Supply and demand. So long as there is a market the synthetic lab drugs will keep coming and they are very profitable. They will come through the internet sources anyway and the black market is already established. Adopt the Canberra system with modest fines, allowance for a couple of domestic plants and decriminalisation.
This witless and unworkable NZ law will fail because there is an endless supply of variants (ie “research drugs”) and as one is withdrawn another slightly altered version will surface.
No, it won't. You don't understand what the Act does.
Minister complacent and complicit with son and importing business.
You sure you want to make that accusation? Have you got evidence to back that statement up? If so, care to share it? Cos that's a pretty big claim, not one I'd want to make lightly.
The more things that get banned, the more reason there is to take crystal meth instead. That’s where I see all this heading.
I think I finally understand what your argument is: the Act's not too loose, it's too tight.
You're not alone in thinking that, although you may be in a minority.
But yeah, that's what the post above is partially about: stop criminalising drug use.
Interestingly, the PSA is similar in some ways to the regulatory system for legal pot in Colorado, down to local government having a say over retail locations. If we legalised pot, the infrastructure would be there.
You’re not alone in thinking that, although you may be in a minority.
I surely am, if the people who think we're making progress on saner drug laws cite as their evidence all the drugs that are now banned, and all the difficulties making legal ones available. That's our measure of progress, that more things are against the law than ever before. Not measures of the harm it's meant to stop, not to mention the virtually unspeakable idea that reduction of another person's pleasure is a massive harm all by itself. That side of it doesn't even get a look in. What should be the biggest no-brainer of them all, that no one has the right to ban thousands of thousands of things just because they get challenged about whether they could. They need only cite a minor harm, and bang down goes the ban hammer. In the final endgame, they won't even have to do that, the onus will go on the manufacturer to prove no possible harm. The ban hammer will be "is it psychoactive?. Bang".
I take my opinion from the other thread. This is a serious medical issue as I see it, and if the aim really is "sorting out our thinking on drugs" we need to be mindful of the evidence. The most useful contribution here is Shulgin who challenges the business to reveal the actual content of product and the risks involved.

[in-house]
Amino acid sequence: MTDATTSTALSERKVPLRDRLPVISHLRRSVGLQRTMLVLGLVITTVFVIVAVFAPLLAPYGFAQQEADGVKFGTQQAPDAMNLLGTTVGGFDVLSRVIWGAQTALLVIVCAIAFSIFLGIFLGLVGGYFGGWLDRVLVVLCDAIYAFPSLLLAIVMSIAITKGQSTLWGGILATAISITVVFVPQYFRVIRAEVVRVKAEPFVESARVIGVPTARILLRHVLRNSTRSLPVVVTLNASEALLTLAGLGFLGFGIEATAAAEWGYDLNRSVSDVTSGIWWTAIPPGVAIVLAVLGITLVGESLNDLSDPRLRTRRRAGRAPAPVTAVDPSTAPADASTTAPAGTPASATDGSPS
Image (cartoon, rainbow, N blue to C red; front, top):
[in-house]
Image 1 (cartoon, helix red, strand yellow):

And yet I see nothing in either thread or any of the media coverage I've read to support your "complicit with son and importing business".
Indeed, 'complicit' is a step too far
- especially as it is not an illegal industry under the law.
But Peter Dunne's statement to Sean Plunket to the effect that he will not talk to, or accept submissions, from those in the industry that his son represents, seems needlessly self-limiting, how can he then make a fully informed opinion or judgement...
Sorry to be constantly belabouring this point
- but it baffles me that he'd baffle himself!
He needs to get out of his own way...
Blogged about the issue of drug policy a few months ago...
Drug policy reform is a more intractable question. Given New Zealand’s difficulty in even organising medicinal cannabis reform, I am pessimistic about its immediate prospects. It may well be advisable in the context of palliative medical needs in the context of HIV/AIDS, and the consequences of cannabis prohibition may be disproportionately severe compared to the effects of that Class C drug under the Misuse of Drugs Act 1981, but the cannabis reform lobby itself is too disorganised.
Why does a single-issue ideological purist party like the Aotearoa Legalise Cannabis Party even exist? And if the objective is wider drug policy reform, then why hasn’t a lobby and advocacy group emerged to advocate for sensible, sequential and incremental legislative reform, in response to the questionable claims from antidrug populist groups? ACT Leader Jamie Whyte might well be correct about the need for such reforms, but the way to such legislative reform is through evidence-based medical and scientific corroboration, which I am not sure that he appreciates. In any case, substance abusers are difficult to empathise with, compared to shared communal experiences like dealing with chronic or terminal disease and impending mortality. This even applies to pot smokers, given their annoying behaviour when high and the social nuisance factor that would increase due to decriminalisation.